Wednesday, November 30, 2011

The Lost Hero by Rick Riordan

Jason wakes up in the back of a school bus with no memory. Everyone around him knows who he is, including his closest friend Leo, and and his girlfriend Piper. When they are attacked by storm spirits, he, Leo, and Piper are launched into the world of gods and demigods, finding a place for themselves at Camp Half-blood. But for a reason Jason can't explain, he feels like he doesn't quite belong. Nevertheless, they all discover the secret of their parentage and a dire threat to the gods, demigods, and humanity alike.  Together they set off on a quest to restore Jason's memories and stop the destruction they believe is about to unfold.

I've been trying to get my hands on the Percy Jackson and the Olympians series from the library for some time. But, without realizing what had happened, I put a hold on The Lost Hero, which is the first book in The Heroes of Olympus series, instead. I cracked it without bothering to read the jacket and was surprised to find not Percy, but Jason. However, I was immediately drawn into the story and stopped caring about whether I was reading the books out of order.

I love what Rick Riordan has done with this and his previous series: he's made Greek and Roman mythology accessible and interesting to youth today. Like Shakespeare, there's a large overlap of ideas and themes between Greek mythology and contempoary writing that makes the mythology accessible if you can get past the language. The gods and heroes of olden times struggled with many of the same things we mortals have been struggling with for time immemorial: love, envy, greed, lust, hope. The list goes on. But reading Bulfinch's Mythology or some other text is not exactly electrifying unless you're already a mythology junkie. So, The Heroes of Olympus and Percy Jackson series give readers the flavour of the mythology in a modern package.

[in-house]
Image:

As for my nitpicky editorial thoughts, I don't have a lot to say. This is a trade book; unsurprisingly, I didn't see any typos. One thing that did irk me a little, however, were the flashbacks and backstory. I found them a little clunky. But, I'm willing to forgive them, since the structure of the book requires a modicum of backstory. This book wouldn't have worked if it had started when the main characters were children.

For any adult readers, you should know that this book (and hence the series) is very adolescent. It is written for and about teenagers. But don't let that discourage you from reading it if you're over the age of 18. The humour and action kept me from putting this book down for long. Riordan builds a lot of tension and drama into this book, and I'm dying to find out what's going to happen next (and get my hands on the Percy Jackson series).

Copy source: library
Genre: young adult fantasy
Format: hardcopy

View my suggested books by Rick Riordan

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